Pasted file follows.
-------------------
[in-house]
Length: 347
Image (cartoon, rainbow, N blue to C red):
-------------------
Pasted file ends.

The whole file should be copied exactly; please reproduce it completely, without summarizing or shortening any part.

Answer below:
[in-house]
Length: 347
Image (cartoon, rainbow, N blue to C red):